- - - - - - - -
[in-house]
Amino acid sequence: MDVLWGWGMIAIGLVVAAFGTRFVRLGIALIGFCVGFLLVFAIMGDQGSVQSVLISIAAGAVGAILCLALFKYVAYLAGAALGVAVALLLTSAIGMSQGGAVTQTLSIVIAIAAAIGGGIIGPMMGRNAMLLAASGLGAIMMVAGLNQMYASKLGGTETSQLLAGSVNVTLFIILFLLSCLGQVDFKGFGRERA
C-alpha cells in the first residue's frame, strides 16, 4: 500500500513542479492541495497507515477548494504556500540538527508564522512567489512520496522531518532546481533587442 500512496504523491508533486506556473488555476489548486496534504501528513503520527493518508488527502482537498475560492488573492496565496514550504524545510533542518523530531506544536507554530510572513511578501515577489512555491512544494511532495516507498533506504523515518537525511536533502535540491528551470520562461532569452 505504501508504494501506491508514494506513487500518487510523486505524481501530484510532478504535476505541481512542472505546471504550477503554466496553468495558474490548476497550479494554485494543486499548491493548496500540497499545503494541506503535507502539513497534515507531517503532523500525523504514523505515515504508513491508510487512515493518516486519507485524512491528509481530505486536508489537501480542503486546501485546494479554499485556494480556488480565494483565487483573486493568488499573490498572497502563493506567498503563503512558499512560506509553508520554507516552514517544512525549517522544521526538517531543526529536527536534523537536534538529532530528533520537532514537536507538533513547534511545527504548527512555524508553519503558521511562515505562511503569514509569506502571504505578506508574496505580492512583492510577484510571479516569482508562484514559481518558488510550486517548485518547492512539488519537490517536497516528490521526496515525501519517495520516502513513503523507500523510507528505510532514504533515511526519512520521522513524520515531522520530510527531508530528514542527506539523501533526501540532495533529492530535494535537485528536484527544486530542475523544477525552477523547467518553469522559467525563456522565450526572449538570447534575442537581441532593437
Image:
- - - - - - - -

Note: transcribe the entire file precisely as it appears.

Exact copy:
[in-house]
Amino acid sequence: MDVLWGWGMIAIGLVVAAFGTRFVRLGIALIGFCVGFLLVFAIMGDQGSVQSVLISIAAGAVGAILCLALFKYVAYLAGAALGVAVALLLTSAIGMSQGGAVTQTLSIVIAIAAAIGGGIIGPMMGRNAMLLAASGLGAIMMVAGLNQMYASKLGGTETSQLLAGSVNVTLFIILFLLSCLGQVDFKGFGRERA
C-alpha cells in the first residue's frame, strides 16, 4: 500500500513542479492541495497507515477548494504556500540538527508564522512567489512520496522531518532546481533587442 500512496504523491508533486506556473488555476489548486496534504501528513503520527493518508488527502482537498475560492488573492496565496514550504524545510533542518523530531506544536507554530510572513511578501515577489512555491512544494511532495516507498533506504523515518537525511536533502535540491528551470520562461532569452 505504501508504494501506491508514494506513487500518487510523486505524481501530484510532478504535476505541481512542472505546471504550477503554466496553468495558474490548476497550479494554485494543486499548491493548496500540497499545503494541506503535507502539513497534515507531517503532523500525523504514523505515515504508513491508510487512515493518516486519507485524512491528509481530505486536508489537501480542503486546501485546494479554499485556494480556488480565494483565487483573486493568488499573490498572497502563493506567498503563503512558499512560506509553508520554507516552514517544512525549517522544521526538517531543526529536527536534523537536534538529532530528533520537532514537536507538533513547534511545527504548527512555524508553519503558521511562515505562511503569514509569506502571504505578506508574496505580492512583492510577484510571479516569482508562484514559481518558488510550486517548485518547492512539488519537490517536497516528490521526496515525501519517495520516502513513503523507500523510507528505510532514504533515511526519512520521522513524520515531522520530510527531508530528514542527506539523501533526501540532495533529492530535494535537485528536484527544486530542475523544477525552477523547467518553469522559467525563456522565450526572449538570447534575442537581441532593437
Image: